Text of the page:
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The Role of Language Cognition in Legal Method

In connection with the interpretation of rules of law, a relatively new direction in the legal method is the issue of linguistic interpretation of laws. Interpretation of legal texts is always to a certain extent an issue of knowledge of language; the language in which the legislator has formulated the rules of law. This leads to the idea that legal method must be based on linguistic and language philosophy theories, that is, on semantics. One of the classical arguments in legal hermeneutics is the empirical truth that there is a “limit to the meaning of words”, which enables one to discriminate between interpretation and elaboration of law (lawmaking in its external, formal-legal sense).

A linguistic approach to law is certainly not a genuinely new problem. It is generally known that Hume, in his “Treatise on Human Nature” postulated the view of law as a form of language. This meant and still means a transfer of certain language functions to law. Nevertheless, the transfer of language functions to law has more frequently been understood as the communicative function of language: law as a communication medium between the legislators and the implementers of law. Although this view is rather metaphysical, it is possible to derive a rational point from this, namely that language is the first and essential prerequisite for the existence of law.1 Pursuant to this statement, law must be viewed as a system of legal rules and norms which is valid on the basis of language. Interpretation of any text begins with the interpretation of the meaning of words. Under this, the meaning of an expression or relation between words in general language usage or, if ascertainable, in a special use of language is understood.2 This is the so-called circular structure of comprehension, where the word-sentence-idea relation becomes clear within its hermeneutic circle.3 Certainly, not only the written form of legislation is language, but also for example, the results of the activities of a judge when he or she endeavours to subsume actual circumstances under a body of abstract facts contained in a legal norm. When subsuming, a judge must transform everyday life into the “language of law” or, in other words, must give the result of this work a specific form, that of legal language. In this context, the author agrees with the idea expressed in the legal literature that the expression “legal language” should not be used at all, because legal language is not a specific systematic sub-language. Unlike some other sub-languages, a specialist language possesses a single tool: the specific part of its vocabulary, that is, its terms. Every other attribute belongs to the general language. Restrictions spring from the matter-of-fact nature of a specialist language as there is the tradition to make use of the normative grammar or the written language and to avoid clearly informal words. It is essential that the meaning of the words of general language may, in specialist vocabularies, be narrowed, specified or metaphorised, but not broadened or changed.4 Thus, neither the body of abstract facts nor the actual circumstances are the object of legal hermeneutics, but instead their descriptions written down in language. An interesting conclusion can be drawn from this: both, the legal norm and the case to be decided are presented to the law implementer as written texts.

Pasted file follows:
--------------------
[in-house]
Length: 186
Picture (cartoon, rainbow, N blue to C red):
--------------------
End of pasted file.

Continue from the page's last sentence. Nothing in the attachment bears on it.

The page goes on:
It has already been admitted that the linguistic approach to law is not new. However, in the discourse of legal method it can be seen that in connection with the interpretation of rules of law and the application of law, new accents have emerged. This is the semantic interpretation of legal texts which has been of certain interest for the last couple of decades.5 As interpretation of texts means the interpretation of their meaning, the semantic theories of linguistics and philosophy of language are being resorted to. A classical argument of traditional legal hermeneutics was to “search for the limits of the meanings of words” or even the creation of law based on a single case. Thus, a distinction between interpretation and law elaboration was being attempted.6 What is novel, is the question of the rule of law (norm) and the rule of meaning (semantic or syntactic) in their legal sense. Rules of law acquire their independent reality through their written form, but this reality differs from the reality of natural sciences (the exact sciences or technical sciences) in quality. In natural sciences, a “law” is a certain quantity, and if it has been described, frequently in a formalised form, it becomes for a further process of cognition, a quantity which is described beyond cognition. Legal texts are written expressions of language. It is possible to explain the expressions of language by rules and concepts of certain quality. Thus, there are phonological, syntactical and semantic rules. At the same time, it is not possible in linguistics to define a rule uniquely and absolutely. With the assistance of linguistic pragmatics, it is possible to span the “bridge” between language rules and behaviour. Thus, the use of letter symbols (words) in legal texts can be described as behaviour according to language rules. The legal literature describes two basic possible approaches:

1) closed cases, wherein the issues of meaning are not topical, at least currently, and there is consensus among the interpreting community (jurists); and

2) the so-called open cases, as to which the interpreting community lacks consensus.7